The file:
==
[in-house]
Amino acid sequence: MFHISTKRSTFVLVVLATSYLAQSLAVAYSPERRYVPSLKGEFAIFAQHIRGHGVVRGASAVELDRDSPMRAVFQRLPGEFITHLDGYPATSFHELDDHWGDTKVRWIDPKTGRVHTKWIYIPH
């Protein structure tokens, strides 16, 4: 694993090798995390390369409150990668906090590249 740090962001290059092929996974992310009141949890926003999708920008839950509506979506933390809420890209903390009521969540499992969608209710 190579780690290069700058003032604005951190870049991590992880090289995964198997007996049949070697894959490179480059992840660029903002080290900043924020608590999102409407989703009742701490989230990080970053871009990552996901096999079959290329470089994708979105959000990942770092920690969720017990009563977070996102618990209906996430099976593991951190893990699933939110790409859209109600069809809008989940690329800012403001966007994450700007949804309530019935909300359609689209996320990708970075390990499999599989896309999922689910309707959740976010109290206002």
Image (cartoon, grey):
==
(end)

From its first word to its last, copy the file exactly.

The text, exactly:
[in-house]
Amino acid sequence: MFHISTKRSTFVLVVLATSYLAQSLAVAYSPERRYVPSLKGEFAIFAQHIRGHGVVRGASAVELDRDSPMRAVFQRLPGEFITHLDGYPATSFHELDDHWGDTKVRWIDPKTGRVHTKWIYIPH
């Protein structure tokens, strides 16, 4: 694993090798995390390369409150990668906090590249 740090962001290059092929996974992310009141949890926003999708920008839950509506979506933390809420890209903390009521969540499992969608209710 190579780690290069700058003032604005951190870049991590992880090289995964198997007996049949070697894959490179480059992840660029903002080290900043924020608590999102409407989703009742701490989230990080970053871009990552996901096999079959290329470089994708979105959000990942770092920690969720017990009563977070996102618990209906996430099976593991951190893990699933939110790409859209109600069809809008989940690329800012403001966007994450700007949804309530019935909300359609689209996320990708970075390990499999599989896309999922689910309707959740976010109290206002």
Image (cartoon, grey):